What we know: The idea of a Steam Operating System created by Valve has been present for a long time on the periphery of the industry, but in 2012 it picked up quite a bit of credibility after company leader Gabe Newell openly criticized the Windows 8 OS from Windows.
Most fans of the company have seen the criticism as a way of suggesting that Steam, dedicated to an open gaming environment on the PC, was ready to create its own software layer, designed to facilitate gaming and other associated activities, like taking screenshot and uploading video.
Steam has not officially commented about the idea, but there were suggestions that it was prototyping the concept and that it might make an announcement once the OS was actually working.
The introduction of a Steam Operating System could also lead to the introduction of the set-top box that Valve was supposed to be working on as early as 2011, designed to make PC gamers out of all those who are currently using a home console and an HD television set.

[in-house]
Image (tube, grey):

Valve fans have also pointed out that the teams working on hardware at the company might make good use of Steam OS.
Why it matters: The Steam Operating System would represent a paradigm shift for gaming if it is ever announced and launched.
The biggest competition would be with Windows and, potentially, Linux for the desktop space but console makers would also be threatened as long as Steam OS could be used to power a cheap alternative controller solution, using the current Big Picture mode.
Valve might also think about pairing an announcement for Steam OS with that for the next installment in the Half-Life series in order to make sure that the gaming world eagerly awaits its arrival.
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